meaning--to see our lives as part of some enchanting cosmic drama--don't we
have to look to some religious or transcendent vision of the world that goes
beyond the materialism of Darwinian science? If we are just animals produced by
a natural evolutionary process that doesn't care for or about us, and if like
all other animals, we live for only a moment and then die, how can human
life--how can
 my life--matter? Unlike
other animals, it's not enough for us that we exist, we need some reason for
our existence. Otherwise, what's the point? (That's the question raised in a
good scene in the new George Clooney movie
 Up in the Air, where a
bridegroom gets cold feet just before his marriage because he foresees his
whole future life played out without there being any point to it all.)



Owen Flanagan thinks we can find meaning in a
Darwinian world. In his book
 The
Really Hard Problem: Meaning in a Material World
 (MIT
Press, 2007), Flanagan argues that Darwinian naturalism--with its fundamental
conclusion that we are animals in a purely material world--allows us to find a
natural meaning to our lives without any resort to supernatural mystification.
color:black"">

Views: 205

Replies to This Discussion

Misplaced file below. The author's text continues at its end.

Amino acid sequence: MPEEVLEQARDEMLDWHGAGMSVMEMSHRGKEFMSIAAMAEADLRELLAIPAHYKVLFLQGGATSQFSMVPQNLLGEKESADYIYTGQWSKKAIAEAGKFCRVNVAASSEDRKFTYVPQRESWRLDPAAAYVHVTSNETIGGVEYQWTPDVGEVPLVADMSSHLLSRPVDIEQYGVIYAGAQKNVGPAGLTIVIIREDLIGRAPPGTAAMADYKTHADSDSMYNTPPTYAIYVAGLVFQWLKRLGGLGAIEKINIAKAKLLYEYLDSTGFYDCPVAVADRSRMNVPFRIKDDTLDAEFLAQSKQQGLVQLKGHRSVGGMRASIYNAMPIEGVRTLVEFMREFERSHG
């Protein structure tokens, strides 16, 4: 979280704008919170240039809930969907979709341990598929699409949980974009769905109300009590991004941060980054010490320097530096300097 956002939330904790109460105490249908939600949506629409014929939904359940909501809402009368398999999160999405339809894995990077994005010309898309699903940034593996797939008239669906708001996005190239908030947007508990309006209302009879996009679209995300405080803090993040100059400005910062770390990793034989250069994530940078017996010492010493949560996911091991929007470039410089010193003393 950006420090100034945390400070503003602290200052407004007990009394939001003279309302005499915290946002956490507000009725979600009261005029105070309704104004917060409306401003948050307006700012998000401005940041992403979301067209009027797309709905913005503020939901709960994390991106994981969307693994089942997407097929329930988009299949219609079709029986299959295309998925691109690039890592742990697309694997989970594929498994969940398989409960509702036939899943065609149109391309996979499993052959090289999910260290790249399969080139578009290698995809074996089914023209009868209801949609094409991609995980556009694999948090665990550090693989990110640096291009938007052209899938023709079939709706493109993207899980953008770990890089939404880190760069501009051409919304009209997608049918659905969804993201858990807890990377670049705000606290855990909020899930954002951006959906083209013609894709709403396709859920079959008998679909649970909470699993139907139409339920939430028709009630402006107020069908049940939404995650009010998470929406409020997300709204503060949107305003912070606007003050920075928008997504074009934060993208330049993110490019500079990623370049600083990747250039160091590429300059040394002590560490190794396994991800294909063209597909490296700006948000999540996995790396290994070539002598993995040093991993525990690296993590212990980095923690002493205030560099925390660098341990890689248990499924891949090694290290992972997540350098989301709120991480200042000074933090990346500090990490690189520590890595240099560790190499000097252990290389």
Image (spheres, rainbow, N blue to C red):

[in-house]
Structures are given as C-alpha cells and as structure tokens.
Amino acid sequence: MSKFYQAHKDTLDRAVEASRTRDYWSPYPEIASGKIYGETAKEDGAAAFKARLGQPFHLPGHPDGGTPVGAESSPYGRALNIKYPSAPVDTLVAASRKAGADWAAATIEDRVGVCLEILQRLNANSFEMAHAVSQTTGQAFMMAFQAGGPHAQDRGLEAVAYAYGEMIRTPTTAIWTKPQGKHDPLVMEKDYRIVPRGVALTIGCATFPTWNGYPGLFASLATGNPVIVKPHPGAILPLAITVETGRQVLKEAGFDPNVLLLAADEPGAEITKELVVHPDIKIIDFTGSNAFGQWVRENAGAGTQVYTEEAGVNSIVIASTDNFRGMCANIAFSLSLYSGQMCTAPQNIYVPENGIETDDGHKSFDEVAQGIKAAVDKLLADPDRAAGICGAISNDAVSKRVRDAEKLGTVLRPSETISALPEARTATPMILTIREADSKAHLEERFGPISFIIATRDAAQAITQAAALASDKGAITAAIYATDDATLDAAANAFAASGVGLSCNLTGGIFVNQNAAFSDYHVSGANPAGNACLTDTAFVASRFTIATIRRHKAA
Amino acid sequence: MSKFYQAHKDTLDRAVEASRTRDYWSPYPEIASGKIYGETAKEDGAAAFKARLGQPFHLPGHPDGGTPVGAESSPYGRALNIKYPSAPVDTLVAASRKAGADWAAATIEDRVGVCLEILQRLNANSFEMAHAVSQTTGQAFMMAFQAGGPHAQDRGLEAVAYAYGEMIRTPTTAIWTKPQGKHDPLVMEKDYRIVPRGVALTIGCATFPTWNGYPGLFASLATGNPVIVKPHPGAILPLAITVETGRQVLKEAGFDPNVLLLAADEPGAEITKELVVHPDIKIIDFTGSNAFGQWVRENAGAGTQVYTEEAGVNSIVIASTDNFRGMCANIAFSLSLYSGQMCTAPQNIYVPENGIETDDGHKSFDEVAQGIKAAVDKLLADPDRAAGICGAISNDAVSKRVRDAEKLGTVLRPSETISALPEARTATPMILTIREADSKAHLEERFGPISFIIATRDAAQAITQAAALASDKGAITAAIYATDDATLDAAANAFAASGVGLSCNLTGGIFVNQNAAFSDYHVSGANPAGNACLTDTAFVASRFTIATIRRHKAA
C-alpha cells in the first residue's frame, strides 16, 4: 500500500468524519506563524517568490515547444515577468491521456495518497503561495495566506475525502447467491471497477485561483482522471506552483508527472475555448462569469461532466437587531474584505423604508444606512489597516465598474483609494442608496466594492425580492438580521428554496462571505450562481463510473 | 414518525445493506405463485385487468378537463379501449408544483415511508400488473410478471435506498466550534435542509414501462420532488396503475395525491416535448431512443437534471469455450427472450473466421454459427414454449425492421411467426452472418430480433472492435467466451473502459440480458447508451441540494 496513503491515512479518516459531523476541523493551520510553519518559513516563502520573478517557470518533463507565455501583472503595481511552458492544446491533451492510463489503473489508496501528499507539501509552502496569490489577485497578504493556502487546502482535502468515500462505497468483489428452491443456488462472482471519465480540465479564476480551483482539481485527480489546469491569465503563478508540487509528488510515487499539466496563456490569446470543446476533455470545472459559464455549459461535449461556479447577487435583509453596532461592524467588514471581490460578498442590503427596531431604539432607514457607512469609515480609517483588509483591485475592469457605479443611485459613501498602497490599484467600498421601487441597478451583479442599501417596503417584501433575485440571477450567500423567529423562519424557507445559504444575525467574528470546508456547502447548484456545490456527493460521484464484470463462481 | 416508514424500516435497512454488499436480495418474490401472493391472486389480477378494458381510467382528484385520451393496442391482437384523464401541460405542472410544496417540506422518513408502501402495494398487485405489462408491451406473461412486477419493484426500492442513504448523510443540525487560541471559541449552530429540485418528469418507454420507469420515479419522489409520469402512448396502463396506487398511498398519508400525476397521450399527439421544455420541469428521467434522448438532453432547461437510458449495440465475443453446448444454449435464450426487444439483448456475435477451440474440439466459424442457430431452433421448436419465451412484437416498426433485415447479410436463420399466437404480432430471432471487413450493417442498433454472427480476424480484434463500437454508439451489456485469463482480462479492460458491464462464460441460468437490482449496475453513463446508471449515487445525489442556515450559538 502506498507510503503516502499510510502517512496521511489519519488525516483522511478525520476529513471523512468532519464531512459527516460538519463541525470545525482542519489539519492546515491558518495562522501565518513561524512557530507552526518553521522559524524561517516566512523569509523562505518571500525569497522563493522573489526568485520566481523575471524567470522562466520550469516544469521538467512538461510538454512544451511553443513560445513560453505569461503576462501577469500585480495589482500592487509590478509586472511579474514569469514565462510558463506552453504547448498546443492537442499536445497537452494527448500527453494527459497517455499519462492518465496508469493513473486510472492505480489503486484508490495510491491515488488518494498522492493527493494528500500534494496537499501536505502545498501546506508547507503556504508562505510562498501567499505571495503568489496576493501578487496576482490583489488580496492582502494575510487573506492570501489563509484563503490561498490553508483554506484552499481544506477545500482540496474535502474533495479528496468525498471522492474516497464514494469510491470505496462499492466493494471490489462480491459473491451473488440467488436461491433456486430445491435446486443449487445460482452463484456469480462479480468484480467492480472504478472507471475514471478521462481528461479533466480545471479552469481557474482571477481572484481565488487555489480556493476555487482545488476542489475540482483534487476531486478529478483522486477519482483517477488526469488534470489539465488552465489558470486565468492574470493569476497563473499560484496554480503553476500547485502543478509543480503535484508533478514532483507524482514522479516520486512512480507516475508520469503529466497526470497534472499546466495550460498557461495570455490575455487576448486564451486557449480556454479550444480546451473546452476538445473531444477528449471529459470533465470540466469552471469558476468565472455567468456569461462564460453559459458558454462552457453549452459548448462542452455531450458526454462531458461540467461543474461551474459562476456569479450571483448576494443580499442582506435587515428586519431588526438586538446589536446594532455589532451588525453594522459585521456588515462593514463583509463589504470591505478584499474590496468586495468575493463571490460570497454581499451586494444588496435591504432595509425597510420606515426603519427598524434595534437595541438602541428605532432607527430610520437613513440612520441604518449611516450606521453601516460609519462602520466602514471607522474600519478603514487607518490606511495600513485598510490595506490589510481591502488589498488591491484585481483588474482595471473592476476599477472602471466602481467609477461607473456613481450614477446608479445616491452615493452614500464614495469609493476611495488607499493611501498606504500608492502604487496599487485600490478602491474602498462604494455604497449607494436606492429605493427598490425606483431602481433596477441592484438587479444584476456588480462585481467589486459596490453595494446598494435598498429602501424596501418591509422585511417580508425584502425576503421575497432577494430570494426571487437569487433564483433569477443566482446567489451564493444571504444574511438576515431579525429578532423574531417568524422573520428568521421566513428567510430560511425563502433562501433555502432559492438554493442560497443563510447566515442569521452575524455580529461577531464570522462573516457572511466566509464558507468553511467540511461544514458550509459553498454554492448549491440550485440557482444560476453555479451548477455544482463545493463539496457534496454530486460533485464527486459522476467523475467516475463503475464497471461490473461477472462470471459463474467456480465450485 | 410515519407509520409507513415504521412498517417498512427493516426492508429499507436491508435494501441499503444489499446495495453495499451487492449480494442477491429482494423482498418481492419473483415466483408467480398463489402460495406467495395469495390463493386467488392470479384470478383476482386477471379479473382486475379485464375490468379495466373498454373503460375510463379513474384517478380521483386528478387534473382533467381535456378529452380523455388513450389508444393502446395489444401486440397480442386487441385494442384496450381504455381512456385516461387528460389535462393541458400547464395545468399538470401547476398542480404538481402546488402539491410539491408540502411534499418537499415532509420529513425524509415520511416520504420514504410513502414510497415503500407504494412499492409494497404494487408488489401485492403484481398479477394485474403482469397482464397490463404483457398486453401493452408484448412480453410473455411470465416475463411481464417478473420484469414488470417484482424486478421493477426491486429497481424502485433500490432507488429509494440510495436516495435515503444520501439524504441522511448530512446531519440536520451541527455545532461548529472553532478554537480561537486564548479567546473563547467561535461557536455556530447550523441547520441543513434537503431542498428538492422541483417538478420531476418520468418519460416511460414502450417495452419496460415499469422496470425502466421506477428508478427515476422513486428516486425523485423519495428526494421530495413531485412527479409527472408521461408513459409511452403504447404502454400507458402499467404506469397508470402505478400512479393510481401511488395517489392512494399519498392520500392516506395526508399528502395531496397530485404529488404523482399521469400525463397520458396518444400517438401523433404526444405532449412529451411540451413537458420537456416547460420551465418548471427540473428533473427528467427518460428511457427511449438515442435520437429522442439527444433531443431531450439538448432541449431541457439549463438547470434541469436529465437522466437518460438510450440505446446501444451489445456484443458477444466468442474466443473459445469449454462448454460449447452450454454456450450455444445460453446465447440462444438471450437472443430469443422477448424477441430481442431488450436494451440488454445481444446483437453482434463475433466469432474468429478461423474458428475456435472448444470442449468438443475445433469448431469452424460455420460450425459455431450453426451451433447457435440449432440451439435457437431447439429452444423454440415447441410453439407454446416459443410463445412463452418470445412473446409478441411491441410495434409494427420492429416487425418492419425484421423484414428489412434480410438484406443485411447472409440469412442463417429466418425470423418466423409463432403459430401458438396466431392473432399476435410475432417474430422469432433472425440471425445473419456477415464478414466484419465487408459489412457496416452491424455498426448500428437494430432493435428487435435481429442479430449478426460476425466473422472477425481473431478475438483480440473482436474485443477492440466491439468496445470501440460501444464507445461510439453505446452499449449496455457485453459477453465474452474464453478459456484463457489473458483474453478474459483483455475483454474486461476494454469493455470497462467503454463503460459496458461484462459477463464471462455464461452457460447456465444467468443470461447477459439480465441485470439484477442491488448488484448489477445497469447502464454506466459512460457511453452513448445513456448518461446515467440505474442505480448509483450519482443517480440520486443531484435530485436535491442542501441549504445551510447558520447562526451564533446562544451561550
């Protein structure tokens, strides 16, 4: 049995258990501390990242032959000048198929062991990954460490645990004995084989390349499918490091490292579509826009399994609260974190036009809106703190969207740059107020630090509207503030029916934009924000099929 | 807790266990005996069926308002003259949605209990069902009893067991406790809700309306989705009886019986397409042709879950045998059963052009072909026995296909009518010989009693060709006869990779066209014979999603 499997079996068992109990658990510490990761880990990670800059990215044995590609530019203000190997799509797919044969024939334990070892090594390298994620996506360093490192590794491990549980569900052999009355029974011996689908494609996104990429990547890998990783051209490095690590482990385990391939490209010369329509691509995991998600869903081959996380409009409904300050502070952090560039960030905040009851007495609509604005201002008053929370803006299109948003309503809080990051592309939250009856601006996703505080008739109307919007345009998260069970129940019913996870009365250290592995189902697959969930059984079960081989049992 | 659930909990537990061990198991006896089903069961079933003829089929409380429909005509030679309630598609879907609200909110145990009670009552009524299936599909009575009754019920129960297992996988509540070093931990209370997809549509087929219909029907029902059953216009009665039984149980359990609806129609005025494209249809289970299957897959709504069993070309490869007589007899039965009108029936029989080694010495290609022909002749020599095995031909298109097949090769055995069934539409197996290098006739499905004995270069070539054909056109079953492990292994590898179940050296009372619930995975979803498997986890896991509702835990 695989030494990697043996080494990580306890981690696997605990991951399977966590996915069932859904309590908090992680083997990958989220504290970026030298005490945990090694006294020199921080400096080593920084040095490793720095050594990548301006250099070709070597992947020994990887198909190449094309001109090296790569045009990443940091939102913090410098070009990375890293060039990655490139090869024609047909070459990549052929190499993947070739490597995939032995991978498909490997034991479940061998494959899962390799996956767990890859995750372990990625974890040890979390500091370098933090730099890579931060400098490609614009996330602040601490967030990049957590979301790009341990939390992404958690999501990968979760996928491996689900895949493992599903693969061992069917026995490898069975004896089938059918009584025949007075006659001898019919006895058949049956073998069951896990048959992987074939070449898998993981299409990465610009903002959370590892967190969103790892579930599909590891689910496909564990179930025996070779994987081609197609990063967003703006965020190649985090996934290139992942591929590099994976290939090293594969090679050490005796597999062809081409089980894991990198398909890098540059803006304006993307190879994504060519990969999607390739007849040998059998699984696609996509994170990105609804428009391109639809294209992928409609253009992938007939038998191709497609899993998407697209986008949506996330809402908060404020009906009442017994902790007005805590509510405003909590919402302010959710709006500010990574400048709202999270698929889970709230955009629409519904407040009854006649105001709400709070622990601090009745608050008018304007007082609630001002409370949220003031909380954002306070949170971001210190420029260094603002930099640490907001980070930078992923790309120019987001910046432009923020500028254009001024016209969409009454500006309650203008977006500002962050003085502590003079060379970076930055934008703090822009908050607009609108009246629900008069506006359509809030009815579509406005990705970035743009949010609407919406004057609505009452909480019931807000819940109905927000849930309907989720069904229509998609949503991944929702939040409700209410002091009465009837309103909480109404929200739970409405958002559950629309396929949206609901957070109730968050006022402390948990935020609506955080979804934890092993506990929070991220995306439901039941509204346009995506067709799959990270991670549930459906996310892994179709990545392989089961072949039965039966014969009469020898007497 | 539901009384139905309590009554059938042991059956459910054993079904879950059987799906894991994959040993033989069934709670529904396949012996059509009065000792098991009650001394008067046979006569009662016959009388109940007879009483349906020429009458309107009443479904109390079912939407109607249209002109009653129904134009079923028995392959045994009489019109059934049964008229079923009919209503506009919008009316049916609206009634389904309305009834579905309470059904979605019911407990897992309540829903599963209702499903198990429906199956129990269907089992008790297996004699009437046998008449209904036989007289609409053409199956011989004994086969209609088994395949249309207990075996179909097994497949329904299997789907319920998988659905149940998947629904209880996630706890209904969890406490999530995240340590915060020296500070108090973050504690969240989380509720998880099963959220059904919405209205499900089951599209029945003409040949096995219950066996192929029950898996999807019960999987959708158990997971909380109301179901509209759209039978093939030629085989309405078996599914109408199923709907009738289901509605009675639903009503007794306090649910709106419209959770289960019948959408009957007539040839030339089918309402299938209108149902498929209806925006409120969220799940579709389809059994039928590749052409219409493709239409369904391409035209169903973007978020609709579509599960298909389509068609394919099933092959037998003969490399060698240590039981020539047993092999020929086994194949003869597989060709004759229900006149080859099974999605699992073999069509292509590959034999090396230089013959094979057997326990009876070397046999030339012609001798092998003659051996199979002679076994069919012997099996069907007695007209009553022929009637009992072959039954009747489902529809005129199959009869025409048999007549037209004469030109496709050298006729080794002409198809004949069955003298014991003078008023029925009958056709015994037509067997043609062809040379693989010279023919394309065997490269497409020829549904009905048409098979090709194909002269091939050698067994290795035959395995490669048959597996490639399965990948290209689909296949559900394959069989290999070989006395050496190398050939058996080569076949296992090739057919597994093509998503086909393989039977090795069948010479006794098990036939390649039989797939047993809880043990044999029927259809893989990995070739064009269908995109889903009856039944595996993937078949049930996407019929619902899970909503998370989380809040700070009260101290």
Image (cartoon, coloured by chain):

Many thanks Doc ;-)
Oddly, the last episode of the Atheist Experience talked about this in a way: the Naturalistic fallacy. Just because something is natural doesn't make it good, and just because something is bad doesn't make it unnatural. Additionally, just because something is natural and you like it doesn't make it moral.
Social Darwinism was an unwarranted blending of biological and cultural evolution. Social Darwinists actually believed that human societies were jungles and people vied for survival within them.

I'm suggesting something much more Hayekian, something I've also borrowed from Dawkins: Biological and cultural evolutionary processes are separate processes, but take place in a strikingly analogous manner. Biological evolution works on the genes, those natural replicators, mutating them, weeding out the less effective, selecting for the more effective. Whereas cultural evolution works on the memes, Dawkins' term for very small, basic cultural ideas, expressible in a word or a short phrase. It too mutates them, weeds out the less effective, selects for the more effective.

And neither process is organized by any central authority, whether we call that authority God or Tyrant.
Whoa! Hang on a minute - aren't you just turning 'leftist' views on their head to support your political viewpoint here?
What 'leftism' might you be talking about (and demonising)? Does it even exist in any practical way? Liberals do exactly the same when formulating a limiting, negative image of conservatism and its supposed harmful effects.